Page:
In this episode of Coffee + Commerce, we break down Target’s e-commerce site with Faisal Masud and Libby Chennell. Faisal is our CEO at Fabric and was previously the director of AmazonBasics and CTO at Staples. Libby was previously a product and enterprise strategy manager at Target where she delivered a $120M private label business and analyzed opportunities to gain market share.
Target is the eighth-largest retailer in the United States and grew online sales from $1.38 billion in Q3 2019 to $3.51 billion in Q4 2020, an increase of about 154%. Despite this increase in online sales, there are still many opportunities for optimizations on Target’s e-commerce site that Faisal and Libby uncover in this episode.
By directing the points highlighted in this episode, Target and other retailers can grow e-commerce even more than they did in 2020.
[0:06] Have a clear strategy for product discovery.
Target’s strategy for product discovery is life events and occasions. When Libby arrives on Target’s homepage, she notices that Target is surfacing products for the Easter holiday: everything from pink-colored skateboards to bunny-shaped dog treats.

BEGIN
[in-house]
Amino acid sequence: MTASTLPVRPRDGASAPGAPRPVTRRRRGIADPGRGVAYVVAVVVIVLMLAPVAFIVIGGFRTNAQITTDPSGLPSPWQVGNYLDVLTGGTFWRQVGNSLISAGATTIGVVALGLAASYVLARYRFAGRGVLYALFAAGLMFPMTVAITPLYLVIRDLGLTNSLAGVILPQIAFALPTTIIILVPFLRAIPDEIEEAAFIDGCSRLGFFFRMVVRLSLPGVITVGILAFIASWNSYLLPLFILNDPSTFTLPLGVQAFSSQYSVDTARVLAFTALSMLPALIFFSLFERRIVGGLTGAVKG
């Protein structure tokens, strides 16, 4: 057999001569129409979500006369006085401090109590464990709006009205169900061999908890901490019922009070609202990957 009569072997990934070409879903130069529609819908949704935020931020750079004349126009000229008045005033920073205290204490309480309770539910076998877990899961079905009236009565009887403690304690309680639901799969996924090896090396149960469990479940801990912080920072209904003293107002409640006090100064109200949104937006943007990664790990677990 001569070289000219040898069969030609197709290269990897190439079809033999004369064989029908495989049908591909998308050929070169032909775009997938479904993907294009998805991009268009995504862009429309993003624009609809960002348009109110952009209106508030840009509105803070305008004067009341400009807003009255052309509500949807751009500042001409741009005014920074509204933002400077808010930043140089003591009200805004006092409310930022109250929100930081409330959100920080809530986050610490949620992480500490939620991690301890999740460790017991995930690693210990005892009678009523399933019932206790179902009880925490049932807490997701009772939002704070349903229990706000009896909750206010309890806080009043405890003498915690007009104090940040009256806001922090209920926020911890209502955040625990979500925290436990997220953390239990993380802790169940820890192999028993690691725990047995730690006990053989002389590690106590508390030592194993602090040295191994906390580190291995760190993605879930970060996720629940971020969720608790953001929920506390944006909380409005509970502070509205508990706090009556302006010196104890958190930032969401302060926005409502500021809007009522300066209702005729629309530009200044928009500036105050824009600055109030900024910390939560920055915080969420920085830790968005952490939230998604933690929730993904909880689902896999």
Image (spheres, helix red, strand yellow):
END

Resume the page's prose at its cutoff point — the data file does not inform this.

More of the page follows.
[1:17] Let shoppers add products to their cart in one click.
It takes Libby about six clicks to add the pink-colored skateboard to her shopping cart after seeing it on the homepage. This is because Target’s homepage and category pages are not dynamic. Static images are used for promotions rather than dynamic content.
[2:02] Simplify online delivery, shipping, and pickup.
Compared to Amazon, Target has a complex system for giving customers different options to receive the items they want. For instance, for the pickup option, Target tells Libby that she can pick the skateboard up in-store but the store is not her “home store.”
[2:28] Make promoted items available for shipping.
Some items that Target is promoting for Easter are not available for shipping. You must select the free pickup option or expensive same day delivery option. This may be leading to a significant drop in conversions.
[3:07] Break free from UX restrictions created by old software.
Target uses HCL Commerce (previously IBM Websphere} as its e-commerce platform. When looking at the product detail pages (PDPs), cart page, and checkout page, it seems like Target is struggling to create an intuitive user experience due to platform restrictions.
To make changes based on these recommendations and upgrade your e-commerce site, a headless commerce setup is vital. This makes it easy to add new e-commerce functionality and features while maintaining full control over site experience. To learn more about this modern approach to e-commerce, check out Fabric.